The Agriculture Workforce Coalition, the American Farm Bureau Federation, and more than 70 of the largest American agriculture groups joined with the Partnership for a New American Economy to launch #IFarmImmigration, an agriculture campaign to support renewed efforts to enact immigration reform this year.
The campaign will stress the agriculture sector’s critical need for immigration reform with activities online and on the ground, in Washington D.C. and in key districts. The month starts with a Capitol Hill Briefing on Wednesday, Feb. 5,where Congressional staff will hear from farmers and ranchers about the need for immigration reform. The campaign will also release new research on labor shortages and throughout the month, farmers and ranchers will be on the ground telling their stories through farm tours, social and traditional media, videos, and community events for members of Congress in their districts.
“Immigration reform is critical for the agricultural industry,” said Bob Stallman, AFBF President.… Continue readingRead More »
Various performance and environmental attributes have made U.S. soy increasingly popular among product manufacturers, which has helped boost industrial demand for soy.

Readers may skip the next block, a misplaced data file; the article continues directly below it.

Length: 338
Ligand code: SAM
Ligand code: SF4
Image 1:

Last year, the soy checkoff partnered with manufacturers to commercialize 38 new soy-based products and ingredients. The list of products developed with soy checkoff support in 2013 includes new additions to some popular soy-based product categories, such as coatings, adhesives and plastics. It also includes soy-based ingredients that could be used in countless new products.
“USB is helping discover other products that can be made from soy to add to farmers’ bottom lines,” said Dale Profit, a soy checkoff farmer-leader and soybean farmer from Van Wert. “These products are good for the farmer, the customer and all the people in between.”
Soybean meal’s primary use remains animal feed, while most soybean oil goes to human food, Profit said. But versatile soy can also help manufacturers replace petrochemicals and possible carcinogens in their products.… Continue readingRead More »
“Soil health” has become a popular term during the last few years. Some people even refer to soil as a “living organism.” Particles of sand or clay are not living organisms but the composite of soil particles, organic matter and all the living creatures like earth worms, nematodes, fungi, bacteria and viruses that make it their home constitute “soil” which is so important for growing crops.
• The health of the soil is the physical health, porosity, water retention qualities, drainage capacity plus the health of all the organisms that live in it. This may be compared with the health of a city with buildings, homes and factories, etc. When a city is not properly taken care of by its residents, it begins to suffer. The same thing can happen to a farm.
• I am glad to see that more farmers are becoming interested in improving the health of the soils on their farms.… Continue readingRead More »